# Switching Noise - EMC

## Dealing with Noise Using Inductors

### Understanding the Frequency Characteristics of Inductors

- Capacitive
- Common mode noise
- Conducted Emission
- Differential mode noise
- Electromagnetic Compatibility
- Electromagnetic Interference
- Electromagnetic Susceptibility
- EMC
- EMI
- EMS
- ESR
- Frequency characteristics of inductors
- Inductive
- Inductor impedance
- Noise countermeasures
- Normal mode noise
- Power supply noise
- Radiated Emission
- Resonance point
- Ringing
- Self-resonance phenomena
- Switching noise
- Switching power supply noise
- Switching power supply noise rejection

2019/03/22

From this article, we explain "Dealing with Noise Using Inductors".

**Understanding the Frequency Characteristics of Inductors**

Before beginning an explanation of noise countermeasures using specific inductors, we first briefly review the frequency characteristics of inductors, similarly to the article explaining “Dealing with Noise Using Capacitors”.

An inductor (coil) has the following basic characteristics, which is said to be an inductive reactance.

① An inductor passes a direct current with essentially no change.

② An inductor acts to impede an alternating current.

③ The higher the frequency, the harder it is for an alternating current to flow.

The following is a schematic graph indicating the frequency-impedance characteristic of an inductor.

In an ideal inductor, the impedance rises linearly with rising frequency, but in actuality, as indicated by the equivalent circuit, a parasitic capacitance EPC is present in parallel with the inductor, and so a self-resonance phenomenon occurs.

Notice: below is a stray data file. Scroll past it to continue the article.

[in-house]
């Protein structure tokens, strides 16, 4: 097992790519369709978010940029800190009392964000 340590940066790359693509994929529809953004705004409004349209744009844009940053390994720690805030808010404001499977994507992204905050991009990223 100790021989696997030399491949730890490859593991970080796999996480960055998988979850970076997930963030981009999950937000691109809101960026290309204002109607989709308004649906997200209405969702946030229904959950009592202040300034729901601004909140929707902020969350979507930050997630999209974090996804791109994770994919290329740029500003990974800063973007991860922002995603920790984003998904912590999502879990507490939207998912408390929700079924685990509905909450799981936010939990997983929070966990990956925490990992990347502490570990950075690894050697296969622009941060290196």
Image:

Hence up to the resonance frequency, the inductive characteristic inherent in the inductor (in which the impedance increases as the frequency rises) is exhibited, but beyond the resonance frequency, the influence of the parasitic capacitance becomes dominant, and a capacitive characteristic (in which the impedance decreases as the frequency rises) is exhibited. In other words, in the frequency region above the resonance frequency, the device no longer functions as an inductor.

The resonance frequency of an inductor can be found from the above equation. The equation is the same as the equation for the resonance frequency of a capacitor, the only difference being whether a term as the subject is capacitance or an inductance. As is clear from the equation, as the inductance L decreases, the resonance frequency rises.

Parasitic components of an inductor include, in addition to the electrostatic parasitic capacitance EPC, the resistance component of the inductor windings ESR (equivalent series resistance), and an EPR (equivalent parallel resistance) in parallel with the electrostatic capacitance. The resistance components limit the impedance at the resonance point.

## Key Points:

・An inductor exhibits an inductive characteristic (the impedance increases as the frequency rises) up to a resonance frequency.

・Beyond the resonance frequency, the inductor exhibits a capacitive characteristic (the impedance decreases as the frequency rises).

・At frequencies higher than the resonance frequency, the inductor does not function as an inductor.

・When the inductance L is small, the resonance frequency of the inductor is high.

・The impedance of an inductor at the resonance point is limited by parasitic resistance components.